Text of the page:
The term Alternative Education is used to describe many forms of education that deviate from the traditional classroom setting. The need for these deviations includes not only how students learn, but the circumstances they are in as well.

At Risk Students

Students at risk are most likely to need an alternative education program to keep them in school. defines at risk student characteristics as students who do poorly in class, have incomplete or missing homework, have poor attendance, and have behavioral problems among other things. The reasons for these problems can be economic status, an unidentified learning disability, or a less than ideal home life. explains that getting close enough to students to learn why they struggle can be difficult. Classroom size may hinder a personal relationship as well as the “fear of accusations of misconduct.” In any case, the teacher can monitor which students might be at risk by monitoring student performance, then consulting with the school principal and guidance councilors.

An article on, Ten Signs You Need to Find a Different Kind of Education for Your Child by Jerry Mintz, parents can help identify if their children could benefit from alternative education by answering a few questions. These questions range from “Does your child say he or she hates school?” to “Does your child come home tired and cranky?”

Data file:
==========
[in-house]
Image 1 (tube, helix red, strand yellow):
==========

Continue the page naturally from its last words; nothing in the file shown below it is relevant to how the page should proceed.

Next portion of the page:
Students, who struggle, for whatever reason, are most likely to drop out of school.

Drop out rates have decreased, but at risk students still need help. (Infographic by Jennifer Shank-Maxwell)
Drop out rates have decreased, but at risk students still need help. (Infographic by Jennifer Shank-Maxwell)

With the introduction of alternative learning, the percent of high school drop outs and decreased.

Alternative Education Tools

David Havens, in his 2013 SlideShare presentation, ReimaginED: The Future of K12 Education, describes the future of education with technology.

John Reinz Mariano’s 2015 SlideShare presentation, Modes of Learning in Alternative Education, covers topics like distance education, eLearning, and home study.

Websites like offer educators ideas on how to utilize social media outlets like Twiducate and MinecraftEdu in their classrooms.

The National Dropout Prevention Center/Network at Clemson University talks about Alternative Schooling options within traditional schools as well as other options. The site talks about The Alternative Classroom, School-Within-a-School, and Separate Alternative School options.


The Warrior Academy at Winamac Community High School is an Alternative Classroom within the school. Karen Butler is the teacher in the classroom. For now the program is focused on grade recovery, however the plan is to expand and offer more at a later date.

The Indiana Department of Education offers an Alternative Education Q&A file on their website, as well as other information about Alternative Education in Indiana

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